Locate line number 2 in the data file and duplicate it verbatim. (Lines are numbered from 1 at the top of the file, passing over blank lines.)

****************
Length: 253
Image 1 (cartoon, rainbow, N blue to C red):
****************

Image 1 (cartoon, rainbow, N blue to C red):